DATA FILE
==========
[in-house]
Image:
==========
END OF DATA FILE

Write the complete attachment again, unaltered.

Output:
[in-house]
Image: